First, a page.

Previous research points to the need to focus on the regional characteristics of emission data, as there appear to be regional specificities among the factors affecting local carbon emissions. Most regional studies have been conducted in the Chinese provinces or regions and confirm the role played by inventive activities in curbing emissions (Luan et al. 2019; Liang et al. 2019; Wang and Zhu 2020; Zhang et al. 2020, 2017). Zheng et al. (2020), for instance, in their study of different industries in 30 Chinese regions between 2007 and 2016, show carbon emissions increase differently across regions, an outcome they attribute to industrial structure, economic growth, population, and urbanization. In Europe, Costantini et al. (2013) undertake a sector-regional analysis of Italian NUTS 2 regions and find that technology improves the environmental performance of a place and that regional knowledge spillovers are critical to this improvement.

Not only does the existing literature suggest that regional characteristics (including innovation) directly affect regional environmental performance, but it also shows that the regional dimension is crucial in shaping the (green or dirty) dimension of technology change which, in turn, has an indirect effect on emissions. Regional environmental policies are reported to stimulate the development of green technologies (Ghisetti and Quatraro 2013). Regional environmental expenditure—that is, investments—and environmental management are, likewise, found to support firm-level innovative activities (D’Agostino and Moreno 2019). Previous regional specialization (or non-specialization) in green technologies is also likely to affect current and future specialization in these technologies, in a process that is strongly path-dependent (Montresor and Quatraro 2020; Santolaha and Boschma 2021).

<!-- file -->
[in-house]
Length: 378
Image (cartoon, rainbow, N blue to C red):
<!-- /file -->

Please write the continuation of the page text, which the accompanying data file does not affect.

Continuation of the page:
Although previous research suggests that regional technological capacity (especially in green technologies) can contribute to emission abatement, the fact that the overall net effect will be mediated by choices taken at the micro level (i.e., by the firms themselves) cannot be ignored. Indeed, it is the firms that ultimately choose whether or not to resort to available (greener) technological knowledge. Likewise, firms may, or may not, have acquired sufficient absorptive capacity to benefit from innovation developed elsewhere (Marrucci et al. 2021) and have, or not have, the internal organization to be able to make the effective transition to cleaner production choices, e.g., through dedicated management schemes (Seman et al. 2019). However, it is unclear as to whether or not these relationships hold at the regional level, i.e., to what extent environmental performance is improved by the availability of local green knowledge. Ghisetti and Quatraro (2017), for instance, suggest that regions/sectors characterized by higher inventive activity in environmental technologies are also those that record better environmental performance, even when controlling for inter-sectoral interdependence.